‘Tis the season of lights and celebrations. Whether you celebrate Christmas, Hanukkah, Kwanzaa, or Diwali, lights figure prominently as part of the celebrations. If you don’t share in these holidays and customs, anyone can look to the stars for winter constellations like the belt of Orion and join in the universal celebrations for New Year’s Eve. Let the fireworks begin.
As a Christian, Christmas is both a magical time and an important holy day. The advent of the holiday is celebrated by lighting a candle for each week before Christmas. We drive around and look at the lights. One candle is lit for each of the eight days of Hanukkah. Diwali is the Hindu Festival of Lights (in November.)
“This is the season when people of all faiths and cultures are pushing back against the planetary darkness. We string bulbs, ignite bonfires, and light candles. And we sing.” – Anita Diamant
Christmas is work for parents.
As a child, I made paper chains, visited Santa, ate Christmas cookies, hung ornaments on the lowest branches, and waited impatiently for Santa to arrive. The season took on a magical feel.
Yet, as adults, we are the ones who make the magic happen.
Preparations fell under Mom’s realm of responsibility. I had no extra time to think, yet I wanted to do everything. I was stretched way too thin, and my nerves showed it. Christmas was no longer fun, it was a job. Christmas cards, decorating, baking, finding the right presents, pictures with Santa, et al. The year I was still on maternity leave with my twins I broke down in tears of exhaustion on Christmas Eve, as people arrived for festivities, that I of course hosted. I returned to full-time work two weeks later.
I learned from that year to plan far ahead and spread the preparations over several months to ease the work (and cost) of December. As the workload evened out, the joy grew in proportion. Now I have a different problem. Every year I stash gifts ‘in a safe place’ months prior that I can’t find. 🙂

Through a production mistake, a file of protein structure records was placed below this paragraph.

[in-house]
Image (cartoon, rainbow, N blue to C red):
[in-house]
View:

As I write this, my oldest son and husband are unpacking our Christmas decorations and putting up the tree. One stressed-out year, my son put up the tree and decorated it as a surprise while I was gone. When I came home, I teared up in gratitude at his thoughtfulness. The tradition continued, and I am grateful for the help every year. Help with the holiday work is one of the best gifts (and surprises) a busy mom could have.
“Yes, Virginia, there is a Santa Claus. He exists as certainly as love and generosity and devotion exist, and you know that they abound and give to your life its highest beauty and joy. Alas! how dreary would be the world if there were no Santa Claus.” – Editorial published in the New York newspaper The Sun on September 21, 1897.
Objects hold special memories.
No matter who decorates the tree, it is a curated work of memories that makes me smile. I’ve accumulated more ornaments through the years than there is room on the tree. I buy Christmas ornaments when we go on vacation, or someplace new. I have ornaments for “First Married Year,” three “Baby’s First Christmas,” and most recently “First Retired Christmas,” to name just a few. From a recent car show, I even have one for “Standing on the Corner in Winslow, Arizona.”